Another way to get rid of insects is to spray essential oils like clove, nutmeg, cinnamon, basil, oregano,  mint, and thyme. These oils have been found to have “a range of effects on insect eggs, larvae, nymphs and adults,” according to Entomology Today.

Also, a mixture of boric acid and sugar has been found to be a natural insecticide, too. These are ingredients that can be purchased from most grocery stores, and it’s not as harsh as Raid or other well-known insecticides.

Overall, the Nevada desert is filled with “take-your-breathe-away” creatures. Fortifying your home with an essential oil sealant across corners, under doors and in tight spaces could help battle against insects. Ensuring you don’t give insects the opportunity to live in your home in the first place will help battle the creepy crawly creatures of the desert from taking over.

If you’re interested in learning about some of the critters that call Nevada home then scroll down below!

  • Mojave Green Rattlesnake

    Mojave Rattlesnake

    Extremely venomous and packs a painful bite, the Mojave Green is a snake that you don’t want to mess with. You can find this snake across the high desert or low valley areas of the Mojave. There are a few at Red Rock Canyon, but the sighting for this snake have been pretty low. If you do ever encounter this snake then be sure to stay away at least 10 feet from the snake.

  • Cockroaches


    In Las Vegas, there are four main species of roaches: German, Oriental, American and Australian. They’re all equally as disgusting, and they thrive in the desert climate. These bugs carry pathogens and multiply quickly. However, roaches are hard to kill with natural DIY methods. So, if you have a problem at your house then it’s probably best to call a professional exterminator.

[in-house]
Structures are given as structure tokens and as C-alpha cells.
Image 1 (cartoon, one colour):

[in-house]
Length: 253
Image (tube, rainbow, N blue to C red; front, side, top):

• Black Widow Spiders

    Black Widow

    This is a spider that should strike a little fear in your heart if you see it hanging in your home. Although it’s poisonous, these spiders rarely bite if unprovoked.

  • Silverfish


    These little gross bugs are usually found throughout buildings that uses cardboard boxes or has a great deal of moisture. These translucent-like bugs enjoy dark, damp environments. If you see one then that usually means there are hundreds. These bugs don’t have as much of a chance to spread pathogens or germs like roaches. They do, however, have the ability to chew tiny holes through clothes, upholstery, etc. And they can trigger allergies among people.


  • Scorpions


    When you think of desert insects, you need to think about scorpions. Due to this arachnid feeding off of insects like roaches, ants, etc. Our homes in Nevada have become perfect places where a scorpion can lie low in while waiting for its next meal. They like to hide in dark damp places like shoes. So, be sure to check your shoes if you store them in the closet or outside. They’re pretty docile creatures as long as you don’t provoke them.

  • Cactus Longhorn Beetles

    Cactus Long Horned Beetle

    A truly remarkable specimen, these long horn beetles are found throughout the deserts in Nevada, California and Mexico. They don’t fly, and they feed on cacti.

  • Wild Silk Moths

     silkworm butterfly

    This beautiful moth is hauntingly beautiful. The larvae feed on horsebrush, Fremont’s Dalea, and desert almond plants. While the adults don’t feed at all. These insects are not known to cause any property damage or other types of nuances. 

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Larry Martino is the long-time Afternoon Drive personality on 96.3 KKLZ. The views and opinions expressed in this blog are those of Larry Martino and not necessarily those of Beasley Media Group, LLC.